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Cathi Unsworth hails Patrick Hamilton and Twopence Coloured in the Guardian

Cathi Unsworth

Well, it seems we did the right thing here at Finds by returning Patrick Hamilton’s early Twopence Coloured to its natural readership. Bloggers and Tweeters have been sounding their approval, and it’s always a bonus when the broadsheet press (as we can still call them for the moment) take note of a Finds endeavour, eminently so in this case as the Guardian last week ran a review of Twopence Coloured by the novelist Cathi Unsworth, in which she writes:

Hamilton’s third novel takes its name from a toy theatre and constructs a between-the-wars stage set of dreary provincial fleapit and transient West End glitter from personal experience of a profession that would dazzle, exhault and thwart him… Still observing from the wings, Hamilton was teetering before the obsessions that would shape his greatest work and sharpen his social satire.

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FaberFinds @FutureBook: A mission statement…

Last week your correspondent contributed a post to the Bookseller’s excellent FutureBook blog, a rolling commentary on digital developments in publishing and one that I consider utterly essential to publishers and authors (and so, by extension, to readers…?) – for all that it occasionally induces alarm/panic over the pace of change we’re witnessing in the business of books. But then the challenge, as always, is not merely to get up on the surfboard but thereafter to stay on the wave… I concede that I am quite possibly the least contentious/controversial poster FutureBook has yet had, attributable perhaps to the Janus face of Faber Finds which looks, yes, forward to the future of production technology but necessarily back into the past of literary endeavour. Still, and as I say in the piece, we’re running to catch up on that score.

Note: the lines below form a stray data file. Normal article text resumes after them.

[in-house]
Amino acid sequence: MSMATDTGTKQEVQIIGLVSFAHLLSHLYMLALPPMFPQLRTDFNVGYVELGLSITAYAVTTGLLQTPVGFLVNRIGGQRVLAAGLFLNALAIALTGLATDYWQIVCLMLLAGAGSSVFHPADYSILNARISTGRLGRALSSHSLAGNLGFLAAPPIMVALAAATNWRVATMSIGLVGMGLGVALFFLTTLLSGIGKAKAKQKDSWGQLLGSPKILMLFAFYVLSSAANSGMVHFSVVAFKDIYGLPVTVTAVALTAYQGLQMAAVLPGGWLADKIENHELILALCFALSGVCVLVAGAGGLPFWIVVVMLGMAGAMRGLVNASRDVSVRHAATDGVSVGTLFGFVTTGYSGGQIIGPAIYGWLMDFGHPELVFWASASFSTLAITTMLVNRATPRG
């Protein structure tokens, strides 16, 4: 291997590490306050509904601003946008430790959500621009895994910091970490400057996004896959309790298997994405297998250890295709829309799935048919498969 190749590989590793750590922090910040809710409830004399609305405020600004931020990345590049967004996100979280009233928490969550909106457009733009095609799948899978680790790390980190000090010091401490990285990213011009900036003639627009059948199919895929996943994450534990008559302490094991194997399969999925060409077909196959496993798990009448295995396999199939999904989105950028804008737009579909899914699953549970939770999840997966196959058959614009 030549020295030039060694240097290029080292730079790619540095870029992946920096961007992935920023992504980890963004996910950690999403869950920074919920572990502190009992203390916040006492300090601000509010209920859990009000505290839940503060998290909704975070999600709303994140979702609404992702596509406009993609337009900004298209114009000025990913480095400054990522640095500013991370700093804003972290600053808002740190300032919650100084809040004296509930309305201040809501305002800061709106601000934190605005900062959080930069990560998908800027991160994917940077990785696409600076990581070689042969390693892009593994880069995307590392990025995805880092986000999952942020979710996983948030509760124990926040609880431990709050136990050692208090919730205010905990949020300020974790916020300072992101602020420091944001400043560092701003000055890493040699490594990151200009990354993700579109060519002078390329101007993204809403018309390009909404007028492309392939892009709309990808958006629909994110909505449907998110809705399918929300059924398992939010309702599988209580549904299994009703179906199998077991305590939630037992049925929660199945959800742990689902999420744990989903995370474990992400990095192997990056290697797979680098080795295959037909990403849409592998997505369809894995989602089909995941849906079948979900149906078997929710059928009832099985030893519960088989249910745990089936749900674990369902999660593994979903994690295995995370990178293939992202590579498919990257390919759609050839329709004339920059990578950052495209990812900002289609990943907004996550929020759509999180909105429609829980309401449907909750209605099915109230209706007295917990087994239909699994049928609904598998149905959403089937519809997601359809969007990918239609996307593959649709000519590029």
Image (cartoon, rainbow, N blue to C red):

The following bits of my post are the ones that would count as News around this parish:

“In the months ahead I hope readers will see an increased thematic coherence to Finds publishing, a sense of different topics and literary flavours being curated. Our August offerings, for instance, include special focuses on the history and aesthetics of the English suburbs, and on the legacy of the Great Exhibition of 1851…
Anniversary publishing has been a function of Finds from the start… Looking ahead to September, we will be pleased to join the wider celebration of Sybille Bedford’s centenary by returning to print her marvellous Faces of Justice
I’m also committed to Finds offering a kind of complement to Faber’s front-list publishing, a means for readers to explore more deeply the subject areas of Faber’s lead titles. On that score I’m especially delighted that in September, alongside Nick Rankin’s Ian Fleming’s Commandos, Finds will offer The Hazard Mesh by J. A. C. Hugill, a veteran of Fleming’s WWII intelligence unit whose 1945 account of same was one of Nick’s key sources, and for which he has now written a splendid new introduction.”